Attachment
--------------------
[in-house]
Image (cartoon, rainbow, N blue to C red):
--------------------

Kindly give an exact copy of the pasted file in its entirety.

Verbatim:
[in-house]
Image (cartoon, rainbow, N blue to C red):